Carl Sagan’s audacious search for life on Earth has lessons for science today
Editorial in Nature:
Early in 1993, a manuscript landed in the Nature offices announcing the results of an unusual — even audacious — experiment. The investigators, led by planetary scientist and broadcaster Carl Sagan, had searched for evidence of life on Earth that could be detected from space. The results, published 30 years ago this week, were “strongly suggestive” that the planet did indeed host life. “These observations constitute a control experiment for the search for extraterrestrial life by modern interplanetary spacecraft,” the team wrote.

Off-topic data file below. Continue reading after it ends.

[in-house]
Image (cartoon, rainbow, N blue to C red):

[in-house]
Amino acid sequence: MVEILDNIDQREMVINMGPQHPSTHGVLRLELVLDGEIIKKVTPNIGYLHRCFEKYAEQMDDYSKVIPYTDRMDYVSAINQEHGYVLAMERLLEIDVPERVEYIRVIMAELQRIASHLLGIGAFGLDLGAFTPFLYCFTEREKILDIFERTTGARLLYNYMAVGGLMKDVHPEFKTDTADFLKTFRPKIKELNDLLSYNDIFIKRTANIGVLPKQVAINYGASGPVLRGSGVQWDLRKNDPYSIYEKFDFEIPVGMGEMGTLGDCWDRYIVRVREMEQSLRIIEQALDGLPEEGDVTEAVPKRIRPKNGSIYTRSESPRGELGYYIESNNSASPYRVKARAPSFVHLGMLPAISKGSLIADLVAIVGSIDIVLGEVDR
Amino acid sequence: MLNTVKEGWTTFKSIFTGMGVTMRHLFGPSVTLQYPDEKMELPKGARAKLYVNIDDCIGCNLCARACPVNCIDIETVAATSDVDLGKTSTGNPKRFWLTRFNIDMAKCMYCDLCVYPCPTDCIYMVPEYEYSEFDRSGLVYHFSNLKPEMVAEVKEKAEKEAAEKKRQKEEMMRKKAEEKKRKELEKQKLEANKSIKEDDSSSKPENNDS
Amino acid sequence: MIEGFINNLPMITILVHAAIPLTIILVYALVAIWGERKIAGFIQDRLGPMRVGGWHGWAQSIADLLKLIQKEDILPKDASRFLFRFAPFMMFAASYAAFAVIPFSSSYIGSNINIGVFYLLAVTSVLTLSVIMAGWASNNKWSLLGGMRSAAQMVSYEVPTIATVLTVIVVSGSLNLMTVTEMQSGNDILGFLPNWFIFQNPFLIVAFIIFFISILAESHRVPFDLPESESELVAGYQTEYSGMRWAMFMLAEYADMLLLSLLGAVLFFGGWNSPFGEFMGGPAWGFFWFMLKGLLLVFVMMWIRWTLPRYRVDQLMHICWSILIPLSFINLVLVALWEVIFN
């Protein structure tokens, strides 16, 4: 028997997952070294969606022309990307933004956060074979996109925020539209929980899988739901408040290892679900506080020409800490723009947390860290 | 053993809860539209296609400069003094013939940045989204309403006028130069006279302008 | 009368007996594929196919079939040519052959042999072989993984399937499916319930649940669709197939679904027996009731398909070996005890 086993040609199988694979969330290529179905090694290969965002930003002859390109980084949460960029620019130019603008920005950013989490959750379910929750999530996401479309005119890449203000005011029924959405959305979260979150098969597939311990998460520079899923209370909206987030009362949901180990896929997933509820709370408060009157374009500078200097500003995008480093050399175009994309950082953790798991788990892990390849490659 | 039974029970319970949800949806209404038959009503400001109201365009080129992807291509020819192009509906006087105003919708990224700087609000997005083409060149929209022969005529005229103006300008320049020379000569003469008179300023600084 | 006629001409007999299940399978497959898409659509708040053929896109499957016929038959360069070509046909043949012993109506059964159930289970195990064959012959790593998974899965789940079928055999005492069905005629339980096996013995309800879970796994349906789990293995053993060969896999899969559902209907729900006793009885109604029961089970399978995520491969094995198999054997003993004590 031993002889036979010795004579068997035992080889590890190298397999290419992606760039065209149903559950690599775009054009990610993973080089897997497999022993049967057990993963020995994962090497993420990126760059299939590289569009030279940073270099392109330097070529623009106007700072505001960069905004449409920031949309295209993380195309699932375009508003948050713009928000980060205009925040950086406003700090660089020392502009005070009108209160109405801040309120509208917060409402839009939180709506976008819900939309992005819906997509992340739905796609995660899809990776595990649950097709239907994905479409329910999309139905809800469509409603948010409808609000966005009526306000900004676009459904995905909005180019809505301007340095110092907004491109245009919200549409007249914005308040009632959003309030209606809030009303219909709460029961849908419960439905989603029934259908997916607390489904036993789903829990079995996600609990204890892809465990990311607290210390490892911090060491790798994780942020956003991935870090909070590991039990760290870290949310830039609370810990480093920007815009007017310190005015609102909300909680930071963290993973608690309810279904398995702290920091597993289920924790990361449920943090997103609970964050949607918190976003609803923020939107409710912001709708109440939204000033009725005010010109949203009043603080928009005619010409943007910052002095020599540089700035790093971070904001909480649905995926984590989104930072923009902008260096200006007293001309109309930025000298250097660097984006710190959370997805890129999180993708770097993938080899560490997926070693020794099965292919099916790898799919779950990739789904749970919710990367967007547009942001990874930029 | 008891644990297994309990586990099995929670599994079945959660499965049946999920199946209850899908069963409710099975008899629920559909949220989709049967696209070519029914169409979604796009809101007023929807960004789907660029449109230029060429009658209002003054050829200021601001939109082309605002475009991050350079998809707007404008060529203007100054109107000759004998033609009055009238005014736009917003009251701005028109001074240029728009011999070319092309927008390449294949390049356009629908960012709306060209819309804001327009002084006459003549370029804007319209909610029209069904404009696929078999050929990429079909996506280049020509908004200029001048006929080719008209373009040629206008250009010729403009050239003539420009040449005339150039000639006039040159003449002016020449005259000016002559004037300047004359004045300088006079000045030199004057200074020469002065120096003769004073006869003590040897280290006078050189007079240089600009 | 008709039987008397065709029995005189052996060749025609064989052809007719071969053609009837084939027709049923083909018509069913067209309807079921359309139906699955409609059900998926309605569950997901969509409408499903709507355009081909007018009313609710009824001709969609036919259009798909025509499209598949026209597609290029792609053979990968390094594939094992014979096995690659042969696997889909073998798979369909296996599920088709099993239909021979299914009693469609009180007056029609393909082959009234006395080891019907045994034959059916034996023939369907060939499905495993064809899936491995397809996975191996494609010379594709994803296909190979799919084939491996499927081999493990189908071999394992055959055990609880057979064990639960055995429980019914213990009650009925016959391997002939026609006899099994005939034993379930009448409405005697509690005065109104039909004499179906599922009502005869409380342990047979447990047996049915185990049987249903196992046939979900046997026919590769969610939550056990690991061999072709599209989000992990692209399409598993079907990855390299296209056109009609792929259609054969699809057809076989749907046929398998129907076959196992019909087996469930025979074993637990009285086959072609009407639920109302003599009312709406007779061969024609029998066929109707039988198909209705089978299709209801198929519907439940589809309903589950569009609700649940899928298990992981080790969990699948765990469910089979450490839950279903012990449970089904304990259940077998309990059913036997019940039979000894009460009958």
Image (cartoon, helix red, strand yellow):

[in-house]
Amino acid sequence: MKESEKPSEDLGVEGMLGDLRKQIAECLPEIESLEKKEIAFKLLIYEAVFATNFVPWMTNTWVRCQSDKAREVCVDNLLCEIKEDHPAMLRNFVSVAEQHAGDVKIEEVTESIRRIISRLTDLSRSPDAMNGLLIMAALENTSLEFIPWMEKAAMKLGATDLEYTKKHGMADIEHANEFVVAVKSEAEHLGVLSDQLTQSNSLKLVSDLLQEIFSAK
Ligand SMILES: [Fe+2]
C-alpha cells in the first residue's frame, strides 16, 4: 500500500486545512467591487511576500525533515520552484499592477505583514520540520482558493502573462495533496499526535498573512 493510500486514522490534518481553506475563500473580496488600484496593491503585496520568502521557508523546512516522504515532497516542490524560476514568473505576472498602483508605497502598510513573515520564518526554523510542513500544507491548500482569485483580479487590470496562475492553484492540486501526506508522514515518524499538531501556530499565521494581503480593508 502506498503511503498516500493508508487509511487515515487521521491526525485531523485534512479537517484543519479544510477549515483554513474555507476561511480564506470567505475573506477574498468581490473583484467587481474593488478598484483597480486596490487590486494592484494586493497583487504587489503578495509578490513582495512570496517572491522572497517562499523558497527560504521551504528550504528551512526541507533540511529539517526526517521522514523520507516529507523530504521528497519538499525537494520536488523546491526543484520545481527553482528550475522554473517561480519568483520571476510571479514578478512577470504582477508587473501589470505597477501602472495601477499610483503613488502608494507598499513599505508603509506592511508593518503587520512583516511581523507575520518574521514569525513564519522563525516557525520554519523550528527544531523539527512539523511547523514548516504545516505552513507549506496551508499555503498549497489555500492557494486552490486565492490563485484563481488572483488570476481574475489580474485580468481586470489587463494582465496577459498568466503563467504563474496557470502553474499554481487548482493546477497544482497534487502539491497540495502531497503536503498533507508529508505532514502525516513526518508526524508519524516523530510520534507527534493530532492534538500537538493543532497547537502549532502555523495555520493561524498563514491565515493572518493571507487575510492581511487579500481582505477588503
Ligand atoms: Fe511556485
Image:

The experiment was a master stroke. In 1989, NASA’s Galileo spacecraft had launched on a mission to orbit Jupiter, where it was scheduled to arrive in 1995. Sagan and his colleagues wondered whether Galileo would find definitive evidence of life back home if its instruments could be trained on Earth. They persuaded NASA to do just that as the craft flew past the home planet in 1990.